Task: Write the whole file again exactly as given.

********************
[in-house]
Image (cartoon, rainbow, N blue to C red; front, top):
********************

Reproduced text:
[in-house]
Image (cartoon, rainbow, N blue to C red; front, top):